Alisa Solomon: So Tom Stoppard, whom I’m sure listeners are familiar with from probably his first major hit, Rosencrantz and Guildenstern are Dead 50 years ago, so he’s been a leading British playwright for a long time, highly successful and lauded with not just an Olivier Award for Leopoldstadt but for other plays, and so forth. And this play is being lauded as his most personal play because it deals with a Jewish family over several generations, in this instance running from 1899 to 1955.

Stoppard learned pretty late in his life, when he was almost 60 years old, about his own family background. He was born in Czechoslovakia. His father was a doctor working for a multinational company, and as Hitler was taking power, the company sent the family and other Jewish employees to some of their various outposts–in this instance, to Singapore. And Stoppard was 18 months old at the time, he had an older brother. Then, of course, the war in the Pacific was heating up, and he and his mother and brother went to India. Their father was supposed to follow, but the father’s ship was bombed, and the father was killed. His mom married a British officer named Stoppard, and they moved to England. Tom was eight at the time, took the name Stoppard, and they joined the Church of England and he became a full British patriot, a conservative one at that, and didn’t really look into his background ever. Something his mother didn’t talk about.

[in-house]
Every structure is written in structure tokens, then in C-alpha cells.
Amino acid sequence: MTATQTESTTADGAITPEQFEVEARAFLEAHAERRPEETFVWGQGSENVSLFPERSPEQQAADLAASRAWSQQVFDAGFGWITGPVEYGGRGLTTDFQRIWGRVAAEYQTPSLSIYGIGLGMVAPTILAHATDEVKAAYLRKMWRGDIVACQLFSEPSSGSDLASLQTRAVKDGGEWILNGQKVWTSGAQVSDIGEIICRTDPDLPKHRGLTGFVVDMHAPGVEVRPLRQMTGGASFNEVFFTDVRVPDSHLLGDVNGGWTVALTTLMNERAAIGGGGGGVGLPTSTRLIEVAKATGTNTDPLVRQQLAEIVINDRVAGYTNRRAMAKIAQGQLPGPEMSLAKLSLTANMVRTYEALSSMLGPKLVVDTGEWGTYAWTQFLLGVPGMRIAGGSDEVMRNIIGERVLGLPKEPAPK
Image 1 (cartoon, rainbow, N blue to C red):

But he learned about it when he was about 60. He learned that his entire family was not only Jewish, but had mostly perished in the Holocaust, most at Auschwitz. And that is the impetus, his biographer Hermione Lee tells us, for writing Leopoldstadt, though it’s set in Vienna, not in Czechoslovakia, by a much more culturally engaged family than his, a family that had personal relationships to Freud Schnitzler, Klimt, and other major cultural figures.

AA: And we’re being told that this is his last play.

AS: Well so he said at some point, but now he’s walked that back. But it has been part of the fanfare. Absolutely. So the play follows this family from this high life of 1899, 1900, to the rise of fascism. The post-World War I period rise of fascism in a scene in 1924, then to Hitler’s annexation of Austria and Kristallnacht in a scene in 1939, and then a scene after the war in 1955. And it’s a big, sumptuous play with a cast of–I haven’t counted–but dozens, beautiful scenery.

AA: Amazing costumes.

AS: Amazing costumes.

AA: Really great acting, a really, really wonderful production, for a play that I personally feel extremely underwhelmed by. I absolutely hated it. Gabrielle, is there anything you want to add to that description?